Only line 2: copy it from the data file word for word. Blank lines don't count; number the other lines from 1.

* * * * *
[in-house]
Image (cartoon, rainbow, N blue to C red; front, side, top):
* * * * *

Image (cartoon, rainbow, N blue to C red; front, side, top):